The mission of the Nuclear Engineering Department is to
- Produce high quality nuclear and radiological engineering graduates from undergraduate through the doctoral level in order to help meet the manpower needs of our state, region, nation, and the international community.
- Conduct nuclear and radiological engineering related research to help meet the needs of society.
- Perform service for industry, government, professional organizations, and the public in areas related to nuclear and radiological engineering.
The program for the Bachelor of Science in Nuclear Engineering is accredited by the Engineering Accreditation Commission of ABET, http://www.abet.org. Program educational objectives (PEOs) are broad statements that describe what graduates are expected to attain within a few years of graduation. The PEOs of the Bachelor of Science program are the following
- Graduates who enter professional practice will demonstrate progression toward positions of technical responsibility or leadership in their discipline.
- Graduates who pursue full-time graduate or advanced professional study will progress and successfully complete their programs of study in their discipline.
- Graduates will continue professional development practices that enable them to remain competent in the ever expanding discipline of nuclear engineering.
Students majoring in nuclear engineering take courses in the basic sciences, engineering fundamentals, mathematics, computer science, humanities, and special areas of nuclear engineering including nuclear system design and safety; radiation transport and shielding; heat transfer and fluid flow; instrumentation and controls; fuel cycle and waste management; and health physics. Nuclear engineering students may concentrate in radiological engineering by substitution of two courses. The radiological engineering concentration also satisfies most of the requirements of pre-med, pre-vet, and pre-dentistry programs.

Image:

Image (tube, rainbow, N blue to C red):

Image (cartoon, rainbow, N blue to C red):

uTrack Requirements (for students entering Fall 2013 or later)
Universal Tracking (uTrack) is an academic monitoring system designed to help students stay on track for timely graduation. In order to remain on track, students must complete the minimum requirements for each tracking semester known as milestones. Milestones may include successful completion of specified courses and/or attainment of a minimum GPA. uTrack requirements only affect full-time, degree-seeking students who first entered Fall 2013 or later. uTrack does not apply to transfer students who enter prior to Fall 2015.
PROGRESSION POLICIES AND REQUIREMENTS
The first two years of the curriculum are considered to be lower-division and the two remaining years upper-division. Students must apply for progression to departmental upper-division courses, which depends on academic performance. Factors considered include overall grade point average, performance in selected lower-division courses and evidence of orderly progression through the prescribed curriculum.
A lower-division student may apply for progression to upper-division after completing CHEM 120 * or CHEM 128 *, CHEM 130 * or CHEM 138 *; MATH 141 * or MATH 147 *, MATH 142 * or MATH 148 *, MATH 231 or MATH 237 ; EF 151 * or EF 157 *, EF 152 * or EF 158 *; and PHYS 231 *, with a grade of C or better in each, and an overall GPA of at least 2.5.